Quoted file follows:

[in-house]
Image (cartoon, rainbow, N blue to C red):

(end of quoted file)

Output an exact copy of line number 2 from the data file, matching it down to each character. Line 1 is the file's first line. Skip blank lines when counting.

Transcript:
Image (cartoon, rainbow, N blue to C red):